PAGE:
MIT professor’s book digs into the eclectic, textually linked reading choices of people in medieval London.
A memorial service in celebration of the life of retired Professor Robert Ormerod Preusser, who died November 16 of cancer, will be held in the MIT Chapel on February 8 at 2pm. A reception in the Faculty Club will follow.
Mr. Preusser, professor emeritus of visual design in the School of Architecture and Planning, was 73.
Professor Preusser developed the first studio course at MIT for non-artists, encouraging students to use their scientific and technological studies to create two- and three-dimensional visual forms. A team of his students created the first Fortune 500 magazine cover to employ computer-generated design. In 1969, he taught a similar studio course at the Institute for Educational Technology at the University of Surrey in Guildford, England.
From 1974 until his retirement in 1985, Professor Preusser was director of education at MIT's Center for Advanced Visual Studies.
Professor Preusser was born in Houston, TX, where he began art lessons with McNeill Davidson in 1930. Between 1939 and 1947, he attended the Institute of Design in Chicago, where he did his first teaching at art classes for children; Tulane University, and the Art Center School in Los Angeles. In his early teens he began exhibiting nationally and internationally.
During World War II, from 1942 to 1945, he served as a camouflage technician with the Army's 84th Engineer Camouflage Battalion in North Africa, France, Italy and Germany.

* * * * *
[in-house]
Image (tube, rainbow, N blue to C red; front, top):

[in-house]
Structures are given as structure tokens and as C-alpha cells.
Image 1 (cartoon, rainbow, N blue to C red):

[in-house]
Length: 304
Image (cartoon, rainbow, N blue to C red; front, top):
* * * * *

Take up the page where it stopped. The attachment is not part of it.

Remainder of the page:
Professor Preusser was a co-founder of the Contemporary Arts Association in Houston in 1948, and later co-director of the Contemporary Arts Museum.
In 1950 Edith Halpert selected him as one of five promising young painters for the Newcomers Gallery in her New York Downtown Gallery. In addition, Art in America Review nominated him as a "Promising New Talent in USA" in 1956.
When Mr. Preusser moved to Cambridge in 1954 to teach at MIT, he had been art editor of the Texas Cancer Bulletin, stage set designer for Houston's Texas Stage, associate curator of education at the Houston Museum of Fine Arts and art instructor at the University of Houston.
He was invited to MIT by his former teacher, Gyorgy Kepes, now Institute Professor Emeritus. A one-year appointment led to tenure and a 31-year teaching career at the Institute.
Professor Preusser's paintings were closely allied with his teaching philosophy of experimentation and innovation. Two exhibits of his works were held in Houston in 1990 and, in 1991, he was honored with a retrospective exhibition of his paintings in the MIT Museum.
His works are included in some 200 private and museum collections, as well as in the Archives of American Art at the Smithsonian Institution in Washington, DC.
Art critic Elizabeth McBride, commenting on the Houston exhibitions, said that "in any one piece what is most noticeable is the process of internal transformation. There's a concrete quality to his abstractions and a spiritual quality to all his representation... Within this wonderland of experimentation, Preusser manages to remain true to an entirely personal world, for over the years his painting has maintained a serene stability."
He leaves his wife, Mary Ellen (Cadenhead); a son, Eric O. Preusser of Boston; a daughter, Alison G. Perroni of Billerica; a daughter-in-law, Diane K. Preusser; a son-in-law, Joseph J. Perroni, and a granddaughter.
Donations may be made in his memory to the Spaulding Rehabilitation Hospital or Hospice of Cambridge.
A version of this article appeared in the December 2, 1992 issue of MIT Tech Talk (Volume 37, Number 15).